Published Apr 01, 2000To the world that's become enamoured with the Buena Vista Social Club, Ry Cooder is the patron saint of Cuban music. But it was composer/arranger Juan de Marcos Gonzalez who pulled most of the strings in reviving the careers of long-neglected masters of Cuban son and dancehall music, including BVSC's pianist Ruben Gonzalez and honey-voiced crooner Ibrahim Ferrer. Gonzalez masterminded the first Afro Cuban All Stars album, 1997's A Toda Cuba le Gusta, as a tribute to the varied musical styles of the pre-Castro era. Gonzalez says that helping bring so many legends out of retirement is the most important thing he's ever done, but as the title of the new Afro Cuban All Stars album, Distinto, Diferente, suggests, Gonzalez is taking a slightly different tack now.
"We are still working with the old traditions, but from a contemporary point of view," says Gonzalez from a Miami hotel room on the eve of their North American tour. "We are at the beginning of the 21st century, so we need to do something different, but we have to keep the old roots as well. Until a couple of years ago, contemporary Cuban music was too American, and yes, for some people the only Cuban music that exists is from the ‘50s. We are trying to make contemporary Cuban music that's not too American. The most important thing is to fight for the culture of my country."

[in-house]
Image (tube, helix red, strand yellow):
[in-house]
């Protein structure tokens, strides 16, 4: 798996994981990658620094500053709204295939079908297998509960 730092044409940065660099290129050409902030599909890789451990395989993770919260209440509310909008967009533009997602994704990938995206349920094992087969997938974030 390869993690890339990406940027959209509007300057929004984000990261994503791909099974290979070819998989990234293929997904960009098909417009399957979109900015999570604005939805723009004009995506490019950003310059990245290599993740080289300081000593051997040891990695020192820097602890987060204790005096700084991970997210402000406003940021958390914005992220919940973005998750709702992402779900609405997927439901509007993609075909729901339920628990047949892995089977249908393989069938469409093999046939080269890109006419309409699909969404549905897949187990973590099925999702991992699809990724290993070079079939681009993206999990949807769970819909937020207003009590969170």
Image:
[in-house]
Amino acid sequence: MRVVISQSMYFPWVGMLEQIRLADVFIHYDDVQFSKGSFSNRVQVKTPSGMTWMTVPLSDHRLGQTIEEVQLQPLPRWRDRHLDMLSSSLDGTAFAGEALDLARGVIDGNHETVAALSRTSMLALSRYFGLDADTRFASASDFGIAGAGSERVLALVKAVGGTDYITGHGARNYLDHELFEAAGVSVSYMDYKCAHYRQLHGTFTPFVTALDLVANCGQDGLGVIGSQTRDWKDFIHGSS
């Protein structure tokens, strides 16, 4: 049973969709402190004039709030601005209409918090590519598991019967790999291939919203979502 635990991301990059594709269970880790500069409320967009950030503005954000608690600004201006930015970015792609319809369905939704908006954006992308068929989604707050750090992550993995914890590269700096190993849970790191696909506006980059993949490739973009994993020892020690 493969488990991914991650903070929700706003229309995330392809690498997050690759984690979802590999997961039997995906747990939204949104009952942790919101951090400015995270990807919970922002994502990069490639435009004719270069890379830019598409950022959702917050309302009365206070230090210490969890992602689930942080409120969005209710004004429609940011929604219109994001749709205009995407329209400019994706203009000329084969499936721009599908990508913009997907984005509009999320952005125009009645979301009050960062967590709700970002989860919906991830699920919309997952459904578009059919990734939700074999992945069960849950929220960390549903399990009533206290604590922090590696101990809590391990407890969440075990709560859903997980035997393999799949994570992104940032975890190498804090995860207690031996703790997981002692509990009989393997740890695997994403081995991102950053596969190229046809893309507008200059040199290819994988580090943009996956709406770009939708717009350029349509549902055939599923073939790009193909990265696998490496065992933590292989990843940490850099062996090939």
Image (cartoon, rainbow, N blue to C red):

For Gonzalez, the touring version of the band is not a revue of past glories. It's a startling change of focus for Gonzalez he was a mainstay of Sierra Maestra, the band credited with opening new audiences to the rural Cuban music of the ‘20s and ‘30s, but now, in his full-time role in the Afro Cuban All Stars, he takes their role as ambassadors of Cuban culture very seriously.
"We are opening doors with our music that politicians could not open before. I hope that it marks the end of political and cultural isolation for Cuba. I hope it means a new era for Cuba."